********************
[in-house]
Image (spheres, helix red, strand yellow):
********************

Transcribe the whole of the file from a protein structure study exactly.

[in-house]
Image (spheres, helix red, strand yellow):